1. The outer electrons in metals are not tightly bound to the atomic nuclei. They are free to roam in the material. Such materials are good (conductors) (insulators). Electrons in other materials are tightly bound to the atomic nuclei, and are not free to roam in the material. These materials are good (conductors) (insulators).
2. A rubber rod that has been rubbed with fur is negatively charged because rubber holds electrons better than fur does. When the rod touches a metal sphere, some of the charge from the rod spreads onto the metal sphere because like charges repel one another. When the rod is removed the charge spreads evenly over the metal sphere and remains there because the insulating stand prevents its flow to the ground. The negatively charged rod has given the sphere a negative charge. This is charging by contact, and is shown below.
3. In the examples above, electric charge is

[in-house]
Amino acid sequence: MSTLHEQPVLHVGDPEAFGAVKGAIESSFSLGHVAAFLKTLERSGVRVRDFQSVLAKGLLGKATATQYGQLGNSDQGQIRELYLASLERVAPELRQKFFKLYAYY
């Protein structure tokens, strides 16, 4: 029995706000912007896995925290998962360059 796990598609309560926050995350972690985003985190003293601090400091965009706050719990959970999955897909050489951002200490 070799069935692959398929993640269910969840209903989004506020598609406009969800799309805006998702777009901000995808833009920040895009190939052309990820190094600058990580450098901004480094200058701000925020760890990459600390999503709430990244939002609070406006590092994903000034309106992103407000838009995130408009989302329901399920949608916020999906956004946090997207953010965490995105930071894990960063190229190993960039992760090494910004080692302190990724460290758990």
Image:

4. A positively charged balloon will stick to a wooden wall. It does this by polarizing molecules in the wooden wall to create an oppositely-charged surface. Draw the appropriate diagram, illustrating charges on both the balloon and in the wall.
5. Consider the diagrams below. (a) A pair of insulated metal spheres, A and B, touch each other, so in effect they form a single uncharged conductor. (b) A positively charged rod is brought near A, but not touching, and electrons in the metal sphere are attracted toward the rod. Charges in the spheres have redistributed, and the negative charge is labeled. Draw the appropriate + signs that are repelled to the far side of B. (c) Draw the signs of charge in (c), when the spheres are separated while the rod is still present, and in (d) after the rod has been removed. The spheres have been charged by induction.
6. Consider below a single metal insulated sphere, (a) initially uncharged. When a negatively charged rod is nearby, (b), charges in the metal are separated. Electrons are repelled to the far side. When the sphere is touched with your finger, (c), electrons flow out to the sphere to the earth through the hand. The sphere is "grounded." Note the positive charge left (d) while the rod is still present and your finger removed, and (e) when the rod is removed. This is an example of charge induction by grounding. In this procedure the negative rod "gives" a positive charge to the sphere.
The diagrams below show a similar procedure with a positive rod. Draw the correct charges in the diagrams.